Choice Cuts on the Rise

Final CutDrew Turney rounds up the best consumer video editing suites.

Digital video editing is just one area where a huge, expensive machine — the editing suite — has been made virtual and put inside your PC at a fraction of the cost. Now the price of storage tapes and film has been mostly taken out of the picture and the handling of your footage made so much easier, there’s never been a better time to invest a few hundred dollars (or less) in digital video editing software.

The cheaper cousins to far more comprehensive pro suites like Avid and Final Cut Studio, the four applications we looked at don’t just stop at editing your video. Many come with even more tools at the post-production and output end of the process. Several have a host of free effects such as scene transitions while others give you the means to easily buy more. Most even have the DVD creation component that used to be the domain of separate applications right in the box.

The magic of video editing happens in the timeline. Any motion image software operates on the same basic principles of arranging video and sound clips into tracks that play concurrently, media or ‘assets’ coming into frame according to how you arrange them.

If you’ve ever made an animation in Flash or mixed a song in programs like Apple Garageband you’ll be pretty comfortable using the timeline. If not you’ll want to invest a few hours in some tutorials, but don’t worry — there are plenty around including those that may come with your software.

The biggest change in consumer video editing has been wrought by high definition, something you have to be aware of if you want to play your movie on a television set in the next 5 years. As Australian television broadcasting moves to HD, new TVs sold will be HD ready — capable of displaying at a much higher resolution than ever before to take advantage of huge LCD and plasma screens.

Many new camcorders are coming with what you might have heard termed HDV. It’s simply a compression format that lets you record in high definition on standard definition storage media — an uncompressed high definition format would be far too unwieldy on a consumer camcorder.

Formats and codecs are more scary words that might make you feel video editing is only for geeks, but in a pure workflow from your camera to your final product your software should contain all the codecs (compression algorithms) you need to work. Like virus scanning software, some will also download new or critical codecs as you need them.

If you need to work from other sources you can run into codec troubles. There are almost as many codecs are video formats in the world, and sourcing them can be like finding a needle in a haystack. Thankfully, there’s a core set of widely used codecs that can enable the majority of sound and video files.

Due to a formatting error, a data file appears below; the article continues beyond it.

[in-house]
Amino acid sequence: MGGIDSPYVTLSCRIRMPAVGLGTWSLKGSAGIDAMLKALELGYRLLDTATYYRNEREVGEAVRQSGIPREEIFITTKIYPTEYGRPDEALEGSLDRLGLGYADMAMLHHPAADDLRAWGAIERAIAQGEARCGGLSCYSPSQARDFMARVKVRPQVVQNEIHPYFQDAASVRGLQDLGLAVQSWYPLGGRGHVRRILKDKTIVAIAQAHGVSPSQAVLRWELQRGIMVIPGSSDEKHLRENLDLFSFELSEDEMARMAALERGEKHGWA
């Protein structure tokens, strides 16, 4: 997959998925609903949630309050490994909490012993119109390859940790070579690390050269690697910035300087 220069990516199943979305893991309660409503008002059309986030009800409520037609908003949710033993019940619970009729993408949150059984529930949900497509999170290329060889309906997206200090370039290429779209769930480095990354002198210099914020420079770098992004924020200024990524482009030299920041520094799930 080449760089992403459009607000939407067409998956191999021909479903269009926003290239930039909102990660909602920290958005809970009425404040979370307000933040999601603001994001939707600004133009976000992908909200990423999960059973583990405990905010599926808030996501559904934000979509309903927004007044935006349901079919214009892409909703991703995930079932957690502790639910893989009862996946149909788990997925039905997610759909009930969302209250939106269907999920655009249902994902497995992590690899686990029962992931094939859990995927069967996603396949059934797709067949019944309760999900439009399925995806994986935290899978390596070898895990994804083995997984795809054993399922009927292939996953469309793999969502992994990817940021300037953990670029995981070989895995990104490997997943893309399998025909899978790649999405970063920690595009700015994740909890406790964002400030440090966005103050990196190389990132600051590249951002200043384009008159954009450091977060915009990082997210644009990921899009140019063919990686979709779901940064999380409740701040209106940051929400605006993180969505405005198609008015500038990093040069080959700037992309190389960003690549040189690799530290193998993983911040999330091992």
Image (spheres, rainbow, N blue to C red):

The most important question to ask yourself before purchasing is how fancy you want to get. Other applications specialise in applying effects or creating music for a movie so your video editor can be no more than a no-frills assembly area. If you’re more of a film-the-kids-at-soccer type and want easy to use flair in your digital family heirlooms, an inexpensive, all-in-the-box solution is perfect.

But above all, make sure your camcorder model is compatible with the software. A quick check of the vendor’s website or call to their hotline could save you a frustrating return to the store.

Pinnacle Studio Plus 11
RTRP: $199.95
Score: 3

The Windows contender with the least clutter both on screen and in the package, Pinnacle Studio Plus was a little slow switching between work areas even on a fairly new computer and crashed a couple of times when we threw too much at it but otherwise behaved dependably. It was a little tricky to navigate through clips captured or collected from a few places but it’s bundled with music and DVD software.

Roxio Easy Media Creator
RRP: $179
Score: 4

For sheer features versus price, Easy Media Creator Suite 9 is the clear winner. It’s not only one of the cheapest around, it’s a lot more than just an editing suite, with data backup, a photo organiser, media sharing and music mixer. It outputs for iPod, PSP, mobile, DVD and more and has so many cool tricks we couldn’t possibly list them. With a streamlined, Windows Explorer-like interface, there’s not much it can’t do.

Cyberlink PowerDirector
RRP: $159
Score: 3

PowerDirector is easy to use and wears its hobbyist-level credentials proudly on its sleeve with big, clear icons and an uncluttered screen. It’s preloaded with plenty of clip art-ish effects, templates and themes — including the ever-lovable custom voice balloons. Most intriguing however is the 25Gb of free space with online storage provider MediaMax and a direct link to publish your results to YouTube.

Final Cut Express HD
Score: 4
RRP: $429

The little brother of Apple’s Final Cut Studio in more than name only, Final Cut Express is priced to give you an indication of what you’re getting besides just the Apple brand name, and if you’re a hobbyist who wants to get serious, it should be your jumping off point. With Apple’s brushed steel look and no-nonsense interface, ease of use is a big drawcard.


The best program of the bunch depends on you. If you’re a beginner to video editing, both PowerDirector and Roxio Easy Media Creator will hold your hand through the process and open your eyes to the possibilities, but if this is your first step to a professional editing suite, Final Cut Express behaves the most like the pro tools and offers Apple’s intuitive ease of use.